March 11, 12:13 PMAustin Gun Rights Examiner
It doesn't take genius to figure this one out. (Wikipedia)(Hat tip to faithful reader Mr. X)
When two burglars broke into Simon Thomas’s pub in Sussex, he grabbed one of his hunting shotguns and held them for police. But it took police 50 minutes to respond to Thomas’s emergency call, enough time for the burglars to unload the stolen goods from their vehicle and disappear.
The following quotes pretty much tell the story:
“I called the police and they told me they didn’t have anyone available to come over right away but to put the gun away so I did.” – Simon Thomas, pub owner
“The call was graded for immediate response. Officers arrived as soon as possible but were responding to other calls at the time.” – Sussex Police spokeswoman
Police didn’t have time for “immediate response” but did have time to tell Thomas to put away his gun. After he complied, the thieves took the opportunity to escape.
In hindsight, Thomas admitted regret for not shooting them. His two children were asleep at the time. Said Thomas: “Protecting them was my priority.” (Pub and home all part of single structure.)
It’s a good thing he didn’t shoot, because Tony Martin has already shown what happens to those who use shotguns to defend against home invaders in Britain. After suffering repeated break-ins and no police support, Martin shot and killed one home invader and wounded another. For his efforts, Martin spent five years in prison for manslaughter and was sued by the wounded criminal.
Thomas’s frustration is understandable. He did the “right thing” by calling the police and asking the professionals to handle it. However, the British police are increasingly hard to find.
By the end of 2006, nearly the Telegraph reported that 900 police stations had been closed in England and Wales.
In 2007, the Daily Mail reported that one police station closed every week, and that “only one in eight is open round the clock.”
Thomas should thank his lucky stars he was able to talk to a live human at 2 AM.
Contrast this with Texas, where one home owner was frightened awake by the sound of breaking glass. He, too, used a shotgun to defend himself. In this case, even the invader’s father placed the blame on his son.
In another case, two home invaders kicked in a door, but were met by an armed homeowner, who killed one and wounded the other. (It took less than five minutes for police response in this case.)
Both Britain and America have one thing in common: They both know that the police aren’t responsible for your life and property.
There is one vital difference: In America, you still have the right to protect yourself.
March 11, 2010
Small Children Listed for Thought Crimes
Teachers are to be told that even if a primary school child uses homophobic or racist words without knowing their meaning, simply teaching them such words are hurtful and inappropriate is not enough.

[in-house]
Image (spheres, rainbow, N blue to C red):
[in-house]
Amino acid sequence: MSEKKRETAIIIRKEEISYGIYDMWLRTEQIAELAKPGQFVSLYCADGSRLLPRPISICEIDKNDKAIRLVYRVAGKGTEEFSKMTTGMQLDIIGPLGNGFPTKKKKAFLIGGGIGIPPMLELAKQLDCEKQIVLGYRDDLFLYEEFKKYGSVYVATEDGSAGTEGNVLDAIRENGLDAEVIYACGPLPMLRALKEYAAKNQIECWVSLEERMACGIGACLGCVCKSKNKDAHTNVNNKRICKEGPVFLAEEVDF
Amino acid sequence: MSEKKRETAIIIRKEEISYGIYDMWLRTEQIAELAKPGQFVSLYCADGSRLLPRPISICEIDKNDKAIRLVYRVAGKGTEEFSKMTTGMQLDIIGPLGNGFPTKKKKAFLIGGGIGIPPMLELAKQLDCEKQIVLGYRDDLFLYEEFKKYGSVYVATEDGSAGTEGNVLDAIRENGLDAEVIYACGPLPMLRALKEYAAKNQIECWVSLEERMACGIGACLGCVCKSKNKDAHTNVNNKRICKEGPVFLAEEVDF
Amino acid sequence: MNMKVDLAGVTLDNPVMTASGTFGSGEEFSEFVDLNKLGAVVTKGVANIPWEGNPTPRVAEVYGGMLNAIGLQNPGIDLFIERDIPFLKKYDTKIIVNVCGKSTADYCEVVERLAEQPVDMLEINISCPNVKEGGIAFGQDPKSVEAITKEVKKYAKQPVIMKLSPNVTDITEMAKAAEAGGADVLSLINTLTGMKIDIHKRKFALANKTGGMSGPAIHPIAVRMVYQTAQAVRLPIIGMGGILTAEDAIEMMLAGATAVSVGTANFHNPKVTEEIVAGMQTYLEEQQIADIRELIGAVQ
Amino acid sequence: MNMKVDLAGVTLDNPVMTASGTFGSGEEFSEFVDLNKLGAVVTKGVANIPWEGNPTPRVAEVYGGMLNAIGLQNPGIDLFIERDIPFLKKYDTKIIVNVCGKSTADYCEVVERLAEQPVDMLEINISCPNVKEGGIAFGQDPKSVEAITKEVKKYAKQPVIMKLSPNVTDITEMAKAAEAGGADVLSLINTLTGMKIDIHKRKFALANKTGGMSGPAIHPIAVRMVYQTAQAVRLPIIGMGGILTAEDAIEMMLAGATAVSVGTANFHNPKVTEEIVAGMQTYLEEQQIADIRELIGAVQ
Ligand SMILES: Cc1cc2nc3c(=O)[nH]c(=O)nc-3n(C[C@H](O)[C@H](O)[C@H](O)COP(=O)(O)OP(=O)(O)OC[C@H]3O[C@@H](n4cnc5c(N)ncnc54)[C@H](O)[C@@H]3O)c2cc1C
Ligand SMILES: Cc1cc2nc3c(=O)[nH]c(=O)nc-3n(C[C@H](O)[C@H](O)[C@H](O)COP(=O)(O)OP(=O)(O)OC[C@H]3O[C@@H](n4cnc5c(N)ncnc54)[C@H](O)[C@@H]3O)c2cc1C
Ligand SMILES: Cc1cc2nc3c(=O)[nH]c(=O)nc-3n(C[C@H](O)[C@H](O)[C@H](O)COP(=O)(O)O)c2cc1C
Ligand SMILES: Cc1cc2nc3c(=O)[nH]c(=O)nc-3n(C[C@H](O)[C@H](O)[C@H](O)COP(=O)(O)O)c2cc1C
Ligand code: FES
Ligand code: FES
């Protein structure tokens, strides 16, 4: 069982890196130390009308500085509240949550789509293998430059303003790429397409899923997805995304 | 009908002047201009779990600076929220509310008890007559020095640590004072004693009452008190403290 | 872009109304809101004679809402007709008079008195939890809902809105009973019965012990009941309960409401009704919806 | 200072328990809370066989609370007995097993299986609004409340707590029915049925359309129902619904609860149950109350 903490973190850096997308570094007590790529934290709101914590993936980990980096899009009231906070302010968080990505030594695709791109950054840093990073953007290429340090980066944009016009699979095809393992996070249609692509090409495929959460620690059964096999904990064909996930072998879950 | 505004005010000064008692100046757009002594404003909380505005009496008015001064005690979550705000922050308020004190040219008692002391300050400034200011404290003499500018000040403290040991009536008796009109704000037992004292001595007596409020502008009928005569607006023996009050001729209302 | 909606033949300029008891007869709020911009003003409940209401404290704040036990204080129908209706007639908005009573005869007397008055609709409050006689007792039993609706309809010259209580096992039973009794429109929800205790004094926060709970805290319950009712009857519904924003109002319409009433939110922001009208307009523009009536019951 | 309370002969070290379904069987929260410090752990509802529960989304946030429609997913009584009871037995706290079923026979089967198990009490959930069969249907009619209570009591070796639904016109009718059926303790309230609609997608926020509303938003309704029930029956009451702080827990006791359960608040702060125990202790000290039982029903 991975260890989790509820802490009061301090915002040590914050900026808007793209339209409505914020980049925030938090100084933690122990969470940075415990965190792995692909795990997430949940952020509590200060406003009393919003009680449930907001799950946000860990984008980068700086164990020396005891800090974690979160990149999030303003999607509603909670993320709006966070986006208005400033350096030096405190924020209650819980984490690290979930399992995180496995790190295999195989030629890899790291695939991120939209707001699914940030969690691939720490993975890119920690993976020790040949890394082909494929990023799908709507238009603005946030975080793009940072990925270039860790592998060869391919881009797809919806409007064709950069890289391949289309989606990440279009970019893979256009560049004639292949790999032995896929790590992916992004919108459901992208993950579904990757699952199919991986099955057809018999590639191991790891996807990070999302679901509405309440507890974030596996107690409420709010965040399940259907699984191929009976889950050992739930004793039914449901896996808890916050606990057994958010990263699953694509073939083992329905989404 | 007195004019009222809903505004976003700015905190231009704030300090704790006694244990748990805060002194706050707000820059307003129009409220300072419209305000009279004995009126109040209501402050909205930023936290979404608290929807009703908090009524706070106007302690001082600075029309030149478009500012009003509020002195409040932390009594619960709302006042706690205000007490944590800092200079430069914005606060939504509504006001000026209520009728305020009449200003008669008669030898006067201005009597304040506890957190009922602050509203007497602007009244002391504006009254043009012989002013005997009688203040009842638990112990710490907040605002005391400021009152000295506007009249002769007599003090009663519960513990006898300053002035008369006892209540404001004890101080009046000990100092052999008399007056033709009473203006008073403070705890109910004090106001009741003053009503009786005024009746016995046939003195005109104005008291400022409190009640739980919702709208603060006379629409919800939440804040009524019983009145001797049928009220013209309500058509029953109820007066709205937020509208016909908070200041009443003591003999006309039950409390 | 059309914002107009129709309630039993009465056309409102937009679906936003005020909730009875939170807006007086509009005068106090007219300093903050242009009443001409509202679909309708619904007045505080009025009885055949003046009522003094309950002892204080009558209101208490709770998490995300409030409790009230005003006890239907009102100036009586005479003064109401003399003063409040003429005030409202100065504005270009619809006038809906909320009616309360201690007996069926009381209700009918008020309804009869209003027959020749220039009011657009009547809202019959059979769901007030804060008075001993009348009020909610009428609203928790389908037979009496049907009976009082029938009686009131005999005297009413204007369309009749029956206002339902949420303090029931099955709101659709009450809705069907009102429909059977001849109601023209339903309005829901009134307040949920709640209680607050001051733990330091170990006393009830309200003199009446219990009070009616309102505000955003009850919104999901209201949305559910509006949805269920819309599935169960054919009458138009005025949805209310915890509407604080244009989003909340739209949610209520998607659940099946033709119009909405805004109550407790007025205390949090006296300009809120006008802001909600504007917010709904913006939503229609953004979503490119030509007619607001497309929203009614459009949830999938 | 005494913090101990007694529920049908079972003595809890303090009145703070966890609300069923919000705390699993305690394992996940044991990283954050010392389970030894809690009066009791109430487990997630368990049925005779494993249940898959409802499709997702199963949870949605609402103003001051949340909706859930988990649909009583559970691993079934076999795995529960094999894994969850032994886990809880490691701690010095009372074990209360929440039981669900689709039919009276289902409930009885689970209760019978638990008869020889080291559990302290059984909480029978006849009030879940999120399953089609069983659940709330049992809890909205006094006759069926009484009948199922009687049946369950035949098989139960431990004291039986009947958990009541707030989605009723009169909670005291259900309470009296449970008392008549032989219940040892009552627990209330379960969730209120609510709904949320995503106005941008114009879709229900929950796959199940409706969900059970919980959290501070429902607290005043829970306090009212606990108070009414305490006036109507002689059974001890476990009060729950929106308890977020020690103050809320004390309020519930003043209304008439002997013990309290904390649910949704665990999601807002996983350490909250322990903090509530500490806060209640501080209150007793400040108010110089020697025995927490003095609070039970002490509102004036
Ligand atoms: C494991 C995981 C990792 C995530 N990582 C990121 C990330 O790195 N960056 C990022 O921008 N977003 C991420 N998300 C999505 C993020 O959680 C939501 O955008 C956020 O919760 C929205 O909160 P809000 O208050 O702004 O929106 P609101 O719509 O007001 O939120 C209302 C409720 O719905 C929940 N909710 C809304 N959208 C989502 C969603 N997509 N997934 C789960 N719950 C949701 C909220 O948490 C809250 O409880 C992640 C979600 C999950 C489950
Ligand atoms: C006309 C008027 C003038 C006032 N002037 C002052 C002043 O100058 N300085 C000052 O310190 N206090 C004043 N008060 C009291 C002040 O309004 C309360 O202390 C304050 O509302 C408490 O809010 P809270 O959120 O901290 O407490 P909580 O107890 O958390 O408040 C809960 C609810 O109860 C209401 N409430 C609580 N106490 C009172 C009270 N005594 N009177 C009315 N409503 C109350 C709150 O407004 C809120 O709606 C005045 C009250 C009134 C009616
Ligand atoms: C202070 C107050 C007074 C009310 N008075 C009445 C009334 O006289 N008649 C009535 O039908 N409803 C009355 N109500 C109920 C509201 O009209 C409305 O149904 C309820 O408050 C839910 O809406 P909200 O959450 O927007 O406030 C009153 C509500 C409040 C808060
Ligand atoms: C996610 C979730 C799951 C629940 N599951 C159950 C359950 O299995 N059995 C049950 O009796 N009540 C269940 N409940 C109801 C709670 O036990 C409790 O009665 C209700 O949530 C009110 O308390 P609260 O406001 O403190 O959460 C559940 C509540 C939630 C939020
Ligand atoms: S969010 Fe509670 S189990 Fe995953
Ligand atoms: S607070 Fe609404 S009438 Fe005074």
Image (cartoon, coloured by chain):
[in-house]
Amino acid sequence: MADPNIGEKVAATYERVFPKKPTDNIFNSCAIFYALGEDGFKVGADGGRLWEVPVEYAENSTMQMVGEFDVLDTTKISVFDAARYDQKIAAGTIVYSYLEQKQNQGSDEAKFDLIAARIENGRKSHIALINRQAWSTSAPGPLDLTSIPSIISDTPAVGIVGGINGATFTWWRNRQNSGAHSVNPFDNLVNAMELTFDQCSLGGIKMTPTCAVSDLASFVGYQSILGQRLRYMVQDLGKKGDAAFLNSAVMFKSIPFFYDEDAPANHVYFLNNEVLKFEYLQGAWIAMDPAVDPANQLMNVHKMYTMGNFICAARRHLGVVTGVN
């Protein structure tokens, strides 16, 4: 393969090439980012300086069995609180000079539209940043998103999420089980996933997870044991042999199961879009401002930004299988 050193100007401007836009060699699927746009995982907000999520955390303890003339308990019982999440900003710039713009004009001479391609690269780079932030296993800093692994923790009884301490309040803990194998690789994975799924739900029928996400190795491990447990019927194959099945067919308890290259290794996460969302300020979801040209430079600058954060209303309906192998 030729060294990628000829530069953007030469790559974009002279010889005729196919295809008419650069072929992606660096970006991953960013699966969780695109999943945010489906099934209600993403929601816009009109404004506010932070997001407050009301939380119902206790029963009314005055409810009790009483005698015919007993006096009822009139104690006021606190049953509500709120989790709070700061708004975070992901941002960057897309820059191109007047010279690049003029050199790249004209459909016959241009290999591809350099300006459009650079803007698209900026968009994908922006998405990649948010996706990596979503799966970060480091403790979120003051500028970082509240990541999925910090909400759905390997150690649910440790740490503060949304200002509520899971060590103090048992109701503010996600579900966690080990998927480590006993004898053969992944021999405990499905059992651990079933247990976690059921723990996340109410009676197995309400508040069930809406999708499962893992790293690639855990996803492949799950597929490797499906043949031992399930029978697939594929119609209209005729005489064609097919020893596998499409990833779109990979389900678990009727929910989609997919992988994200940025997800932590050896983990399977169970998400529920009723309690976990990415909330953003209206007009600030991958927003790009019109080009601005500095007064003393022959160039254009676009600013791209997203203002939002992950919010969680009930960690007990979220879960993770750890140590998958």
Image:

Instead the incident has to be recorded and his or her behaviour monitored for future signs of 'hate' bullying.
The accusations will also be recorded in databases held by councils and made available to Whitehall and ministers to help them devise future anti-bullying campaigns.
Examples of the appalling hate crimes British bureauweenies will stop at nothing to prevent:
The scale of the effort to stop children using homophobic or racist language was revealed after the parents of a ten-year-old primary school pupil in Somerset, Peter Drury, were told that his name would be put on a register and his behaviour monitored while he remained at school.
The boy was reported after he called a friend 'gay boy'. His parents fear the record of homophobic bullying will count against him throughout his school career and even into adulthood.
In another incident last year a six-year-old girl, Sharona Gower, was reported for 'racist bullying' at her school near Tunbridge Wells in Kent.
Sharona was chased by two 11-year-old girls, one of whom taunted her that she had chocolate on her face.
The six-year-old responded to one of the girls, who was black: 'Well, you've got chocolate on yours.'
Good luck in your future careers, Peter and Sharona. You will definitely be needing it, now that your permanent records have you listed as thought criminals.
At least they'll have plenty of company:
One report last year by the Manifesto Club civil liberties think-tank said that 40,000 children each year are having racist charges added to their school records.
Only 40,000? That's not enough…
But ministers aim to make reporting of supposed 'hate taunting' a legal requirement for every school, primary as well as secondary, and every local authority across the country from the beginning of the new school year in September.
That ought to help in future roundups of counter-revolutionaries for the gulags racists for sensitivity training.
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